Chinese and Comparative Literature
St. Louis, MO
Alcohol is a volatile liquid, whose volatility can adversly affect social behavior and threaten social order. Consequently, during the course of history, societies have sought to
control it. At several points in China’s history, rulers
have placed prohibitions on the production and consumption of alcohol. Likewise, societal rulers have sought to
control volatile interpretation sparked by the misreading of texts or the
reading of banned texts. Unorthodox
readings pose a threat to those who wish to maintain an orderly society
according to their own normative cultural codes. In
what has become a dramatic scene in early Chinese history, China’s first
emperor, Qinshi huangdi, attempted to control “interpretation” by having
Confucian scholars buried alive and carried out the infamous “burning of the
books” which rendered extinct hundreds of texts composed or compiled prior to
the third century B.C.E..
consumption and control of alcohol is a culturally embedded practice, and we
should ask what the specific cultural attitudes towards this issue are. For example, how is excessive drinking
defined culturally? Likewise, how does
a culture determine what kinds of interpretations are acceptable when
construing verbal meaning or significance?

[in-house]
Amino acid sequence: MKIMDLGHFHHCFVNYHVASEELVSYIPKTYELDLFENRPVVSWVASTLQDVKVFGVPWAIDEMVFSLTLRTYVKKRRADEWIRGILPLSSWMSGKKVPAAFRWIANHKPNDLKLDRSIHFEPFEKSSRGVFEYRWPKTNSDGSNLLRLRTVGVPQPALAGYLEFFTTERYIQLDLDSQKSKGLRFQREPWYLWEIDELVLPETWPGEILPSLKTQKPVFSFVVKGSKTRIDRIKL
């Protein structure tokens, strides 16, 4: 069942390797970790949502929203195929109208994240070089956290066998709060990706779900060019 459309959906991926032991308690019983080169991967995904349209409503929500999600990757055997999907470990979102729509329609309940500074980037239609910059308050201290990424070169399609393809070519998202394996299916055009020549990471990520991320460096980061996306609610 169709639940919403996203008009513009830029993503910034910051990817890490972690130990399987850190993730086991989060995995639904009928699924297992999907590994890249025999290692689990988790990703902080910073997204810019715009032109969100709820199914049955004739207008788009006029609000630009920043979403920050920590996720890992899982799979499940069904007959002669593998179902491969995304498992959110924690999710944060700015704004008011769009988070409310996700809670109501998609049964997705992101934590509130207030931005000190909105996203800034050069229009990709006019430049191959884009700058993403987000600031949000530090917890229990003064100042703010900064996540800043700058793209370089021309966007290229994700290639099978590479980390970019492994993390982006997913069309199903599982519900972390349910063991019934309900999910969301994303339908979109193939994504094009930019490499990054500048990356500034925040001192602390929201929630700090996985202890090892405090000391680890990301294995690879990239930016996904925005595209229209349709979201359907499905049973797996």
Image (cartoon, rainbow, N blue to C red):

When reading texts that describe people who are drinking alcohol,
especially people in a culture that puts a premium on social harmony or the
preservation of order, tensions are revealed. These tensions reside between
culturally accepted norms and the interpretation of drunken behavior. There are also tensions on the part of a
reader when attempting to construe textual meaning when the reader’s cultural
background and language experience varies with the culture that produced the
text. The fact that there is a large
historical, linguistic, and cultural gulf in China between the ninth century
B.C.E. and the second century of the common era when many of the first
commentaries to Zhou texts were written should be kept in mind. In the following pages, I will examine the
tensions that exist between a ninth century B.C.E. text that portrays drinking
and its commentaries that date from the second century C.E. and later.
Using a method of literary interpretation informed by Hans-Georg Gadamer’s writings on hermeneutics, I will conduct a close reading of a “Lesser Elegantia” poem entitled “Sopping Dew” Zhan lu. I do not propose to delve deeply into a critique of Gadamer’s hermeneutical method, rather my aim is to demonstrate how my process of uncovering meaning in an ancient Chinese text is in part informed by various ideas delineated by Gadamer. Hermeneutics, simply defined, is the methodology of interpretation. In an interview, Gadamer once stated: “I would define hermeneutics as the skill to let things speak which come to us in a fixed, petrified form, that of the text.”